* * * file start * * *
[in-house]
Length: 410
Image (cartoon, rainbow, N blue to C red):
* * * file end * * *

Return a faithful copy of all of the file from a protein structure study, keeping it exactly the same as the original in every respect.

[in-house]
Length: 410
Image (cartoon, rainbow, N blue to C red):